This is precisely the attitude that will turn Birmingham into a scene from the Coehn Brothers’ adaptation of Cormac McCarthy’s “No Country For Old Men” or a sanguinary scene from the television show “The Wired.” These comments are entirely anecdotal, based more on paranoia and the anti-urban sentiment that is so typical of many Southern suburbanites. I don’t think these individuals are outliers or statistical anomalies either, though perhaps they are more vocal about expressing their rancor for cities, for I’ve met many, even in my own family, who share such sentiments, even though they have no empirical evidence to make such claims. But it is true that Birmingham has a long and dark history of violence, so maybe there is an iota of truth in what they say.
In his letters to his wife (which I have photocopies of thanks to the archive at U. of Alabama, Tuscaloosa), William Ely, a federal land agent from Connecticut who later helped to establish Elyton, tells how he did not go out of doors without a sidearm. That was in the early nineteenth century, long before Birmingham was even founded. When the city was founded, it was as an urban industrial center surrounded by what basically amounted to Third World Country, which might have produced a siege mentality. In 1909, the coroner’s books record 142 homicides, or more than one killing every three days. In 1992, one of the worst years for homicides in Birmingham’s recent history, 141 homicides were recorded. After 1900, highway robbery was commonplace. On November 24, 1883, a Negro imprisoned on rape charges was released from jail and lynched. Mob violence was so common that the state militia was regularly called in to restore a similitude of uneasy peace. In 1895, an officer shot and killed a thirteen year old Negro girl who was picking up coal at a coal car. Then the infamous Hawes murder riot of 1889 in which ten died after a mob stormed the city jail. The Wild West atmosphere was picked up in the newspaper headlines: “Race riot at Brookside. Pitched battle between 100 white men and 40 Negroes. Sheriff of Birmingham and 24 men sent.” Competition for jobs might explain some of this violence, but it does not explain why the epidemic violence continues today. A letter to the editor of “The Iron Age” reported that there were two saloons for every church in Birmingham, which sounds like a modest number. By 1907, the city directory lists 121 registered saloons. One half of all arrests were made for public intoxication. Between 1898-1908, thirty percent of the city’s population was arrested, according to statistics. In 1902, among a survey of ten American cities, Birmingham led with 9,626 arrests, although such statistics can misrepresent the gravity of Birmingham’s crime, since the city’s police jurisdiction was quite large and, because of the fee system in Jefferson County, these arrests could have been for the most inconsequential of offenses. The more arrests that were made, the more cheap labor was available for street work and the mines. After 1,500 arrests were made in one month of 1910, the Chief of Police finally intervened, declaring that the city police department was for the protection of its citizens and not for the collection or production of revenues.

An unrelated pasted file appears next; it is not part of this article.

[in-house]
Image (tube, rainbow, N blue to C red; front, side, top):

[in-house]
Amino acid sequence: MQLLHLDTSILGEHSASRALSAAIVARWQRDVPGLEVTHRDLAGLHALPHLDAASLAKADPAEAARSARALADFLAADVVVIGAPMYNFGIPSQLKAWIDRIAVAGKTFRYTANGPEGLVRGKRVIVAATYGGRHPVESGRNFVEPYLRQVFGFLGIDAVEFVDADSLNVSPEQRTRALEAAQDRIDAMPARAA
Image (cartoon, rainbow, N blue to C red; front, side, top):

Martha Carolyn Mitchell speculates in her 1946 PhD dissertation for the University of Chicago, “Birmingham: Biography of a City of the New South,” about the causes of such rampant lawlessness: “the rural-Southern tendency toward violence plus the almost universal practice of carrying concealed weapons. Then it was practically impossible to get a conviction in cases of homicide” (104). After reading this book, one is left with the impression that early Birmingham was as a Thomas Hobbes described life itself: “poor, nasty, brutish, and short.” Unless you were white and affluent. One minister spoke out against the lawlessness of Birmingham: “We have no criminal law in this country for white men, our criminal law is all for negroes, shackled gangs clean streets for minor misdemeanors while homicides go free.” It doesn’t have to be reiterated that Negro life was held in low esteem. But the city expanded so exponentially that police services could not keep up. Moreover, Birmingham was also used as a labor camp for many of the state’s convicts who were sent to work in the mines and when they finished their time they were released back into the communities of Jefferson County. Recidivism was high. Birmingham’s history would seem to corroborate the position that it is and has always been a Sundown Town. There never was, they say, any magic in the Magic City, because the magic was a commodity and veneer produced by civic boosterism, the Chamber of Commerce and real estate speculators to attract outsiders. Despite that moniker, as the aforementioned comments from AL.com demonstrate, Birmingham still has trouble attracting outsiders.